Zettler and his Royal Bavarian Art Institute became known for the quality of their design, clearness of glass in spite of rich use of colors, and their conscious employment of the medium to realize harmonious decorative effects. The firm also gained a reputation for technological innovations and familiarity with Christian iconography. This allowed them to dominate the market in producing windows for Catholic churches. Their works can be found throughout Europe, and also Canada, South America, Australia, and New Zealand.
Thousands of churches in the United States purchased their windows. They were especially popular in parishes made up of European immigrants. Zettler windows can be found in such notable American edifices as Newark’s Sacred Heart Basilica, Philadelphia’s National Shrine of St. Rita of Cascia, Immaculate Conception Cathedral in Denver, and St. Helena’s Cathedral in Montana. St. Alphonsus Art and Cultural Center in New Orleans – built as a Redemptorist church in 1855, closed in the 1970s, then saved from the wrecking ball in 1990 and named as a National Historic Landmark six years later – contains windows by Zettler, including several with scenes that very closely resemble some at St. Martin’s.
The Royal Bavarian Art Institute windows found in two American parishes have interesting histories. Holy Rosary Church in Cedar, Michigan ordered windows from Zettler just before the outbreak of World War I. The firm made the windows, but the war erupted before they could be shipped. Zettler’s firm buried the windows in Germany to keep them from being damaged, and then sent them to the U.S. after the conflict ended. St. Mary Magdalen in Camarillo, California purchased windows in 1913, but did not receive them due to the war. It was believed that they had been part of a shipment on a freighter which had been destroyed in the Atlantic while en route to America. In 1919 the windows were discovered safely packed away in crates in Germany, and were then forwarded to their California owners.
Most of the Royal Bavarian Art Institute’s windows found in this country date from after 1900. However, the windows in St. Martin of Tours Church were installed by Zettler’s firm between 1893-1895. The fact that St. Martin’s was among the Institute’s early American customers can probably be attributed to the parish’s German immigrants already being familiar with the firm’s work in the “Fatherland.”
When the 20th century began, the Mayer and Zettler firms were the world’s leading producers of stained glass, employing nearly 500 craftsmen and artists between them. These firms played an important role in preserving the ancient stained glass throughout the European continent during that turbulent century, being called into action to remove and safeguard windows from many of the great medieval cathedrals during the two World Wars. They also restored many windows damaged by war, weather, and pollution (in fact, the Mayer Co. was hired by Pope St. Pius X to restore Bernini’s famous Holy Spirit window at St. Peter’s Basilica in Rome in 1912).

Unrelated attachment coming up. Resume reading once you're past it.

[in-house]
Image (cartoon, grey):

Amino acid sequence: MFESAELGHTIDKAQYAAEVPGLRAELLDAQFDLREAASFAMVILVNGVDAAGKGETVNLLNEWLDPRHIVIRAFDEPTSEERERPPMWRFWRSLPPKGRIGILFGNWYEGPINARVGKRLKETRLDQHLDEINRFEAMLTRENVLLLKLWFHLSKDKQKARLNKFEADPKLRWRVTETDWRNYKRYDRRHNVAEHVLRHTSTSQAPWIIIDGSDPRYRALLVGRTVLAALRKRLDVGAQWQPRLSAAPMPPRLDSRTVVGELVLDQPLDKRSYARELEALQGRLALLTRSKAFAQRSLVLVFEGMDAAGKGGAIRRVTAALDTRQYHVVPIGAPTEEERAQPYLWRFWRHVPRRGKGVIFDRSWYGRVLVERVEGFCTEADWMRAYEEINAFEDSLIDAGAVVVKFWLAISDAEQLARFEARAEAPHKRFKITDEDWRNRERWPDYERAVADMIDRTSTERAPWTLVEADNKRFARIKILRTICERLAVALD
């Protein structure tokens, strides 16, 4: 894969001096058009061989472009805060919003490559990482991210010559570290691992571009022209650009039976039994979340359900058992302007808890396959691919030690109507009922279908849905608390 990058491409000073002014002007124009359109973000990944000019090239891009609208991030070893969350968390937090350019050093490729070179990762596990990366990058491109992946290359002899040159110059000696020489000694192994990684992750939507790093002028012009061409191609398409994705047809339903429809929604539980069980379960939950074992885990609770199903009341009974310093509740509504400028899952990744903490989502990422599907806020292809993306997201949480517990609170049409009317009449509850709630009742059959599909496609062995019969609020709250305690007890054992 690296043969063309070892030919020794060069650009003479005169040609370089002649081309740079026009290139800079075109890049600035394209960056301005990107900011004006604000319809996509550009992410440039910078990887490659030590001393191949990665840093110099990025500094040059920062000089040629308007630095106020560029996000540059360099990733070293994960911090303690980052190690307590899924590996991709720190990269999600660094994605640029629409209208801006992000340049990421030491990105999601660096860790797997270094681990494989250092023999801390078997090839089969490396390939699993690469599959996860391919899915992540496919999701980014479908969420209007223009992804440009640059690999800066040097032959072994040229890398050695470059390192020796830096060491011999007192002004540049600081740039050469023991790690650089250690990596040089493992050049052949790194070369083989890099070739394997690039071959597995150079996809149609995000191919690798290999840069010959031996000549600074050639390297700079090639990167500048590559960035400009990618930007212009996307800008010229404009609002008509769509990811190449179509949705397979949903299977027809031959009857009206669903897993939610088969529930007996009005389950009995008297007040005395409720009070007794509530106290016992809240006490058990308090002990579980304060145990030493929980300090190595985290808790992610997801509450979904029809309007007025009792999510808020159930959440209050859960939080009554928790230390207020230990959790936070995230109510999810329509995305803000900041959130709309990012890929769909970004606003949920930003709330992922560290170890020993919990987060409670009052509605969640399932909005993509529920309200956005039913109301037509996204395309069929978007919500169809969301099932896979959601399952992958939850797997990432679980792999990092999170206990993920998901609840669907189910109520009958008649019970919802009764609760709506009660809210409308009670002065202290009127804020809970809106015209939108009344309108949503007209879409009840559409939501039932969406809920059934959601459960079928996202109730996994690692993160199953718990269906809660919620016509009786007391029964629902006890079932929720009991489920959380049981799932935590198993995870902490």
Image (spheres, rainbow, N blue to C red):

Perhaps due to the change in artistic tastes, or its lack of diversification of products, the F.X. Zettler Co. merged with its old rival, Mayer & Company, in 1939. This firm, run by a 5th generation member of the Mayer family, still does business today. The company is active in the restoration of Europe’s historic castles, churches, and monasteries. Its religious works now include windows and mosaics for synagogues and mosques, and new customers have been found in Japan, Singapore, Egypt, and Saudi Arabia. It has produced works for such noble causes as the World Peace Church in Hiroshima, Japan and a civil rights memorial in Atlanta, Georgia. But, reflecting the secularization of Western Civilization, many of its works are for the “cathedrals” of our day, including banks, hotels, malls, airports, and the Barney’s chain of fashion clothing stores. Many of the works are very modernistic and abstract, a far cry from the detail and orderliness of the Munich Style.
At the bottom of most of St. Martin’s windows are the words “Geschenk von...” (German for “Gift from...”), followed by the name of the person or family who donated it to the parish. The many German names reflect the land of nativity or ancestry of the parishioners of St. Martin’s Church for the first several decades of its existence. In addition to the donors’ names, the names of the Royal Bavarian Art Institute for Stained Glass and F.X. Zettler – the master of the Munich Style – can be seen on several windows. “Professor Franz,” as Zettler was known to students and admirers, died in 1916 at the age of 75. There has been of late a renewed interest in and appreciation for the work of this great craftsman.